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Apple executives Phil Schiller and Craig Federighi on Tuesday took part in a casual interview to discuss the many software and services enhancements revealed at this week's Worldwide Developers Conference.
At a live taping of John Gruber's Daring Fireball podcast "The Talk Show," marketing chief Schiller said this year's WWDC announcements illustrate Apple's focus on delivering a solid foundation for developers. Through app extensions, APIs and SDKs, Apple offers a lattice onto which developers can build.
Siri is a good example of the company's approach. During yesterday's keynote SVP of Software Engineering Federighi announced a third-party Siri SDK, opening the door to powerful voice recognition and artificial intelligence technologies.
There are a few caveats, however. Most notably, integration will be restricted to a handful of app categories well within Siri's current capabilities, like messaging, payments, ride booking, photo search and workouts.
Federighi said the decision to limit access follows Apple's mantra of offering customers only the best user experience. Additional app categories will of course be added as the program progresses and Siri gains an understanding of new domains, he said.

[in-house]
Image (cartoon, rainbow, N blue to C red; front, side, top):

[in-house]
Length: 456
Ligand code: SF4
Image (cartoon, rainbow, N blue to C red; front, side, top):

In one of the more interesting tidbits to come out of Tuesday's interview, Federighi explained first-party app "deletion" in iOS 10 is a misnomer. When the mobile operating system debuts this fall users will be able to remove unwanted or rarely used Apple apps from their home screens and delete associated data, but the software binaries technically remain a part of iOS. Thus, it might be more accurate to say users will be able to hide apps in iOS 10.
Considering the amount of time Apple spent detailing new Messages enhancements during Monday's keynote it perhaps comes as no surprise that the topic came up in Tuesday's Q&A. The company knows iPhone users spend the most time in Messages, which is why it was given the most onstage time, the executives said. Federighi joked that developers were more excited about emojis additions than the new Apple File System. Third-party app integration, support for transactions, all-new effects and support for transactions are among the many notable features coming to Messages in iOS 10.
Schiller and Federighi's wide roving interview also covered concerns about the Mac App Store, sentiment regarding Apple's place in the artificial intelligence arms race, app subscriptions and differential privacy, among other topics.
The show was streamed live and a replay should be available for download on Gruber's site soon.